[Government Watch] The Beauty Industry Is a Little Confused About Itself.

So, I’m cruising around on the Personal Care Products Council website, as you do, and I notice something ah, interesting under Links of Interest:

Personal Care Products Council Links of Interest

Right at the top of the list of “Government” links, there’s this site, CosmeticsInfo.org. So what’s that? A government-sponsored website for cosmetics info? I’m so in! I love government-sponsored information. All unbiased and trustworthy and… what’s this?

CosmeticsInfo.org About Us Page

Well, that’s the “About Us” page over at CosmeticsInfo.org. Where they explain:

The Personal Care Products Council (the Council) and its member companies sponsor this Web site to provide consumers with easily accessible comprehensive safety information on cosmetics and personal care products and to help consumers make informed purchases.

So, Cosmeticsinfo.org is “an information Web site that includes factual, scientific information on ingredients most commonly used in cosmetics and personal care products in the United States.” Which is brought to you by the beauty industry’s main trade association.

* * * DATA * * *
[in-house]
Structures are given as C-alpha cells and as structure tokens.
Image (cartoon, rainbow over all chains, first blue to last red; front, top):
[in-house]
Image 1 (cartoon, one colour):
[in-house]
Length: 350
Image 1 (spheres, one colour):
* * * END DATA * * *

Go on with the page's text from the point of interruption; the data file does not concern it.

Who is not the government of anybody. Just so we’re all clear.



Filed under Beauty Schooled, Government Watch, week 37

4 responses to “[Government Watch] The Beauty Industry Is a Little Confused About Itself.

  1. Dan

    Any point in asking them to remove the “Government” distinction on the PCPC site?

    Also, the acronym for that site is the pretty close to PCP, aka phenylcyclohexylpiperidine, aka angel dust, aka a hallucinogenic neurotoxin abused by thousands. Coincidence?

  2. Missy

    In the interest of full disclosure, I worked for the health care team of a large PR agency, whose clients included pharmaceutical companies and interest groups.

    Government websites, as a rule, will have the “.gov” suffix, while interests groups tend to use “.org” (so they will garner that extra credibility). We designed microsites for our clients that were meant to look trustworthy, informative and neutral, but the ultimate goal was to portray our client in the best light possible. There are plenty of legitimately neutral, non-profit organizations, but there are just as many sites put up by the industry.

    Like you did, it’s a good idea to check the about page first to see who is really behind the website you’re visiting. Any PR agency worth their weight will keep some level of transparency, and it is usually placed on the about page.

  3. Pingback: [Ingredient Watch] Update on the Formaldehyde Front | Beauty Schooled

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